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Next: D-Bow’s High School Hoops

Next: D-Bow’s High School Hoops

By Kevin Waltman
Cinco Puntos Press, 2013
$16.95, Hardcover; $11.95, Paper

Young Adult Fiction

Reviewed by Don Noble

Sports fans know that what football is to Alabama culture, basketball is to Indiana culture: passion, obsession, madness, religion.

Pop culture images of Indiana basketball, however, as opposed to the images of the NBA, show white small-town Hoosiers at play, coached by Gene Hackman. Although blond Larry Byrd, of French Lick, Indiana, has been retired for some time, he is still the model for Indiana hoops.

This whiteness is something of an exaggeration. In Gary and Indianapolis, especially, the high school teams are mostly African American.

The young adult novelist Kevin Waltman grew up in Indiana, played high school basketball and attended Depauw University. Waltman, now an Alabamian, took the MFA in creative writing at the University of Alabama, and stayed on to teach in the English Department.

In Next, Waltman’s third novel, he has created a more accurate picture of Hoosier basketball and done so with considerable elegance and authority and without stereotypes.

His hero, fifteen-year-old African-American Derrick Bowen, 6’ 3”, is a point guard. Already—one might even say prematurely—he is known on the court as D-Bow. Derrick is a basketball prodigy, about to enter the ninth grade of Marion East in Indianapolis. He has realistic hopes for a college basketball scholarship.

Derrick’s family lives in a modest middle-class home. His mom teaches and, along with his very sensible dad, is a stickler for manners, education, and good behavior in general. On Sundays the family goes to church, then the donut shop for a treat and then an obligatory stop at the bookstore.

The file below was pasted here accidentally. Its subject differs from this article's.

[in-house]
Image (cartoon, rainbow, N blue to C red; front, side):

Derrick will finally buy and read the Zora Neale Hurston novel Their Eyes Were Watching God, although admittedly to impress Jasmine Winters, a lovely and sophisticated schoolmate.

Derrick, whose mother demands proper grammar, tells his story in language relatively free of dialect and slang.

Derrick even uses adverbs, which most high school kids do not. In church he is amused by “a woman squeezed a little too tightly into her Sunday dress.”

Much of the novel is set on the court during games, and here the jargon is thick.

Contemporary terms of art are employed. Players don’t just make baskets or dunks or swishes. The ball “finds bottom.” Usually it doesn’t even “scrape iron.”

The opposition scores with “a pick-and-pop three, a backdoor layup, a spot-up three," and so on. Actually, the context makes this all clear enough.

We go through the season game by game, even play by play. Young basketball enthusiasts will love it.

And as with most YA novels, there are challenges and decisions. Will D-Bow make the starting five? Will the team come together as a cohesive unit and win the state championship?

Should Derrick transfer to the nearby prestigious mostly-white Hamilton Academy? Will he get up the nerve to date Jasmine? These choices are not sensational, but they are real and important.

The plot is well paced, and supporting characters are well drawn. Teammate Nick is something of an egomaniac and feels threatened by Derrick. Moose, the center, is large and slow but reliable. Derrick’s younger brother Jayson is bookish, but extremely knowledgeable about basketball. He’s an avid reader of SLAM magazine.

Derrick’s best friend Wes plays in the high school band and is a connoisseur of sneakers. He covets a pair of Timberland Earthkeepers. When he finally gets a pair, “He lifts … [one] from the box and eyes it the way a jeweler might inspect a new diamond.”

For the record, D-Bow wears Adizeros.

Not everyone in the novel is crazy for basketball, including Derrick’s mom and, more importantly, Jasmine, so Derrick has some balance in his life. Jasmine is in fact wary of dating players since they are obsessed with basketball most of the time, can talk of nothing else, and, when they lose, are miserable company.

The novel closes with the end of Derrick’s freshman year, but we will follow this young man through three more years, one novel per year. The second, out soon, covering his sophomore year, is titled Slump.

Don Noble is host of the Alabama Public Television literary interview show Bookmark and the editor of A State of Laughter: Comic Fiction from Alabama. This review was originally broadcast on Alabama Public Radio.